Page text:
Synergy Sports’ video and play-type data, reportedly used by a majority of NBA scouts, coaches and general managers, is tagged according to categories such as Isolation, Pick-and-roll ball-handler, Spot-up shooter, Post-up, Hand-off, etc. If, for example, I wanted to look at Chris Paul’s pick-and-roll offense, I could watch hundreds of sequences with the click of a button. Needless to say, the database is a veritable treasure-trove of information, which is why I’m thankful the high-level scouting videos are only available to high-paying customers, because quite frankly, I’m afraid I’d never leave my home if I could watch any play, any time. Fortunately for us, two of SBNation’s finest team blogs — Blazers Edge and Third Quarter Collapse — obtained Synergy reports on the Portland Trail Blazers and Orlando Magic. I’m going to limit the excerpting here, because you must view the data in its entirety to appreciate the depth of analysis.
Overall, Synergy likes the ball in Roy’s hands this year. Synergy rates him “Excellent” in isolation and “Very Good” in the pick and roll when you include his passing ability. He also rates “Very Good” or “Excellent” in various pass out situations derived from pick and rolls. However, those ratings drop a bit when you only look at Roy’s personal scoring effectiveness in the pick and roll. He drops to just “Average” in effectiveness when he calls his own number. Taken together, Synergy tends to confirm that the Blazers have been better off with Roy probing the defense and looking for his teammates rather than looking for his own shot off the pick and roll.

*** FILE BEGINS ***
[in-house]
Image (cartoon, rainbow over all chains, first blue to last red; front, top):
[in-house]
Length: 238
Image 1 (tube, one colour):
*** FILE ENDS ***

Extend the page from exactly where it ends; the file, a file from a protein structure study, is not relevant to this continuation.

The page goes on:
Perhaps most startling, though, is Roy’s unbelievable accuracy when he takes shots coming off of screens. As mentioned above, his overall shooting percentage this season is down four points from last year, currently resting at 44%. Yet when Roy catches and shoots off of a pick, regardless of distance, he is connecting at an astonishing 60.6% clip. This ranks him “Excellent” and in the 93rd percentile league-wide. What’s more, when Roy comes off a pick in his preferred direction (left), those numbers jump up to 68.8% from the field, or the 97th percentile league-wide.
For the Magic, the only play-types the team is “Average” in is ‘Post-Up’ (15%) and ‘Isolation’ (7%). That’s it. In every other category, Orlando rates “Good” or higher. Isolations aren’t not a strength (0.87 points per possession) for the Magic, given that the squad rates in the middle-of-the-pack in that category with a rank of 50% – thanks, mostly, to Nelson (see numbers below).
Even though Orlando can score in isolation if need be, it’s not the prescribed manner by which Van Gundy wants the players to execute on offense. Inside-out, not one-on-one, is the mantra for the Magic on the offensive side of the ball (thus, working the basketball through the post can’t be ignored). But if push comes to shove, again, there are individuals on the team who can create shots on their own. Van Gundy has said a number of times that the best teams in the NBA have at least one player who can get shots at will and to have someone like that on the Magic, particularly Carter, is good.